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The Galapagos of the North


By Lindsey Nielsen, Expedition Guide on the Safari Endeavour

One of my favorite things about Baja is that you never exactly know what to expect. Winds can shift, swell can build, and we have to change plans. Or the weather calms, making a normally inaccessible place available to explore - and the unexpected wildlife! 

Baja is known to be the tromping grounds of an extraordinary variety of species. There are an estimated 32 species of marine mammals, 3,000 invertebrate species, 875 fish species, and 170 species of birds. Even after four years of guiding in Baja, every week I see at least one species I have never seen before. 

I recently experienced a week that was particularly special for seeing rare sights. After a rather windy stretch, the weather had calmed from a rolling sea and whipping wind into a flat, glassy calm. We had a spectacular morning swimming with curious California sea lions before raising the anchor and traveling out into the Sea of Cortes in search of more marine mammals. 

We didn’t have to wait long. The calm sea allowed us to scan for blows and fins at a huge distance. Just as guests were finishing up lunch, we spotted a blow, then another, and another! As we slowly approached, we noticed that there was something a little off about these blows – they were angled. The telltale sign of a sperm whale! I had never seen a sperm whale in the Sea of Cortes, and I was ecstatic. 

Peering across our bow, we could easily see at least 10 blows spread over a mile or so. They were exhibiting typical foraging behavior; resting at the surface for about 10 minutes to re-oxygenate their systems before descending back into the depths. Sperm whales are some of the diving champions of the animal kingdom, capable of descending over a mile and holding their breath for up to two hours!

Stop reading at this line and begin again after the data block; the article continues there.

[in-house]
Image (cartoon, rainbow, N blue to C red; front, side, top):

We were looking at a group of females and possibly a few juvenile males. Sperm whales live in a matriarchal society – a group of related females staying together for most of their lives, raising calves together, feeding, and traveling together. Males leave the female groups at around the age of 17 where they travel to colder waters only to return to the tropics when they are sexually mature (around 40 years old). 

We stuck with the group for quite a while before turning our eyes elsewhere. It didn’t take long before we spotted another group of blows in the distance. This time, short-finned pilot whales! Another rare sighting. Quick black bodies, bulbous heads, and distinctive dorsal fins make them a striking animal to watch. The group moved close beside us, regularly crossing in front of our bow. A sea lion and a pair of dolphins joined them swimming amongst the dark shadows of the pilot whales. 

It is days like this that are a constant reminder of why this place is so special. So-called the Galapagos of the North, the Sea of Cortes holds many secrets and surprises.

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